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The alleged planner of the recent deadly attack on a school in Peshawar, Pakistan, is now dead, according to intelligence officials.

A top government official in the Khyber tribal region told CBS News that security forces, acting on intelligence information, conducted a raid Thursday night that escalated into a gun battle with the militant commander, known as "Saddam," and his accomplices. 

According to The Independent, "[Shahab Ali Shah, head of police administration in the Khyber tribal area] said Saddam helped plan the Peshawar school attack and was also involved in attacks on health workers giving out polio vaccinations in the Peshawar valley."

At least 132 students and nine staff members were killed this month when Taliban gunmen stormed a military school in Peshawar, taking hundreds of students at the Army Public School hostage in one of the bloodiest insurgent attacks to strike Pakistan in years.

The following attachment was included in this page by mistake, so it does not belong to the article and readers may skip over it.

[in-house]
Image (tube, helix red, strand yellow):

Source: Muhammed Muheisen/AP
Source: Muhammed Muheisen/AP

The raid came following alleged missile strikes from two U.S. drones on Friday. They fired missiles at militant hideouts in Pakistan's North Waziristan tribal region, killing at least seven fighters, Reuters reports. The attacks took place "in the same area where the Pakistani army has been mounting an air-and-ground operation against Pakistani Taliban insurgents who are fighting against the government in order to set up a sharia state in Pakistan," the newswire states.

While drone strikes by U.S. forces are wildly unpopular in Pakistan, and seen as a violation of the government's territorial sovereignty, the desire for revenge in the wake of December's deadly school attack may soften those anxieties. The Pakistani prime minister's office announced the day after the school attack that the country would lift its 2008 moratorium on the death penalty (but only in response to terrorism), and government officials have hanged at least six people in two separate executions since.

h/t CBS News

Editor's Note: Feb. 12, 2015

An earlier version of this article failed to cite a passage from The Independent in accordance with Mic editorial standards. The article has been updated to properly attribute the language to The Independent.